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The history of proving numbers irrational is full of interesting stories, from the ancient proofs for $\sqrt{2}$, to Lambert's irrationality proof for $\pi$, to Roger Apéry's surprise demonstration that $\zeta(3)$ is irrational in 1979.

There are many numbers that seem to be waiting in the wings to have their irrationality status resolved. Famous examples are $\pi+e$, $2^e$, $\pi^{\sqrt 2}$, and the Euler–Mascheroni constant $\gamma$. Correct me if I'm wrong, but wouldn't most mathematicians would find it a great deal more surprising if any of these numbers turned out to be rational rather than irrational?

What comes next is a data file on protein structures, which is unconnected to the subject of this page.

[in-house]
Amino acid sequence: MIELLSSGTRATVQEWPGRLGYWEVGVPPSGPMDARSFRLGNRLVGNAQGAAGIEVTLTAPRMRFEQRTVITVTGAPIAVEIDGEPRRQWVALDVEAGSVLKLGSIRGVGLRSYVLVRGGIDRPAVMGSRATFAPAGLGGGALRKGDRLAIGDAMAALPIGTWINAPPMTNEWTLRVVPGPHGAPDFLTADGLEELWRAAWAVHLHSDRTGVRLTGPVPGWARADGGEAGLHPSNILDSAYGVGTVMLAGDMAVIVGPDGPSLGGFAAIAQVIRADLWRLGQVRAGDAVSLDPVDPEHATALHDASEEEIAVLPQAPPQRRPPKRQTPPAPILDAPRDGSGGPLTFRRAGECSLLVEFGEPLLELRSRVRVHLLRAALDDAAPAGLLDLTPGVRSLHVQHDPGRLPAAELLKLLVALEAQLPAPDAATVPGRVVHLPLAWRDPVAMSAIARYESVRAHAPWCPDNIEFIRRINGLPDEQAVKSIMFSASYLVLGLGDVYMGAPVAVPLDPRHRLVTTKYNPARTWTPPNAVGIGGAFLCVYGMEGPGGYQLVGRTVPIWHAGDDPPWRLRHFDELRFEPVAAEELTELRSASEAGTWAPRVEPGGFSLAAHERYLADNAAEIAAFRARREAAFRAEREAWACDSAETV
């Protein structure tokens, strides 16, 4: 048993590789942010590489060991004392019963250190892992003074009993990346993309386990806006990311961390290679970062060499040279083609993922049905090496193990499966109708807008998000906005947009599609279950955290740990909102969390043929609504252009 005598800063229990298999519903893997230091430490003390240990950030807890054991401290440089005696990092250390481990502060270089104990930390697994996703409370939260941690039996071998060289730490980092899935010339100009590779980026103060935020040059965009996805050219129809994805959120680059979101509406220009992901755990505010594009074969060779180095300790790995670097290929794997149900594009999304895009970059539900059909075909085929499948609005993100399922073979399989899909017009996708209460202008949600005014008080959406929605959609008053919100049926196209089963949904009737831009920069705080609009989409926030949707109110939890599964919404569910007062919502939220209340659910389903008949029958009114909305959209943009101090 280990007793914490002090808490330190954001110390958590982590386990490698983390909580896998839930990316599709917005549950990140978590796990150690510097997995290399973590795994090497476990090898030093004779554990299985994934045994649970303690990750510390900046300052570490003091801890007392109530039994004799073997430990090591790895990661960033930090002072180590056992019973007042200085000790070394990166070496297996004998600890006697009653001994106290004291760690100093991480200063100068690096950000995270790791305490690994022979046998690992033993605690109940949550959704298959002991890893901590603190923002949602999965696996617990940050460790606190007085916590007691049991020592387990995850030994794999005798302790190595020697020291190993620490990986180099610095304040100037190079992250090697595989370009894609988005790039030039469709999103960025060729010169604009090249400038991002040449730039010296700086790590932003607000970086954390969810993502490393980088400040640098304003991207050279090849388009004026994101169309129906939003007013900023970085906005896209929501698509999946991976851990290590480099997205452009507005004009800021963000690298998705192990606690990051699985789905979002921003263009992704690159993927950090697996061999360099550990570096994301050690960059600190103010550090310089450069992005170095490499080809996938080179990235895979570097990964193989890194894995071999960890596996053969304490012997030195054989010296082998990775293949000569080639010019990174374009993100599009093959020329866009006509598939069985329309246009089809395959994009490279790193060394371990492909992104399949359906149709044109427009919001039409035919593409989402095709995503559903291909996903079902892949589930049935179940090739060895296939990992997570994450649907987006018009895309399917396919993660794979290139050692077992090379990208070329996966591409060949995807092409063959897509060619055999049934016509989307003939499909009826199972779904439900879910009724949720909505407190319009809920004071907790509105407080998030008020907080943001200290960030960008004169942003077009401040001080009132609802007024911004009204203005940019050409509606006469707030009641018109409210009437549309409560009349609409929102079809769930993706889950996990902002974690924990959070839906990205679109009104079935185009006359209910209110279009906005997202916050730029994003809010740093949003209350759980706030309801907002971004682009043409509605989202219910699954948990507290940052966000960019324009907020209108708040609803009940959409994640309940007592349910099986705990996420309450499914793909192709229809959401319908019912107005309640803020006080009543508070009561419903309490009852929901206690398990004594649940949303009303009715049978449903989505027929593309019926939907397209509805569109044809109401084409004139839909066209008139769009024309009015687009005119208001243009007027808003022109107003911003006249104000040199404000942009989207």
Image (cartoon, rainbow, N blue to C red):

Are there examples of numbers that, while their status was unknown, were "assumed" to be irrational, but eventually shown to be rational?

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Have any long-suspected irrational numbers turned out to be rational?

The history of proving numbers irrational is full of interesting stories, from the ancient proofs for $\sqrt{2}$, to Lambert's irrationality proof for $\pi$, to Roger Apéry's surprise demonstration that $\zeta(3)$ is irrational in 1979.

There are many numbers that seem to be waiting in the wings to have their irrationality status resolved. Famous examples are $\pi+e$, $2^e$, $\pi^{\sqrt 2}$, and the Euler–Mascheroni constant $\gamma$. Correct me if I'm wrong, wouldn't most mathematicians would find it a great deal more surprising if any of these numbers turned out to be rational rather than irrational?

Are there examples of numbers that, while their status was unknown, were "assumed" to be irrational, but eventually shown to be rational?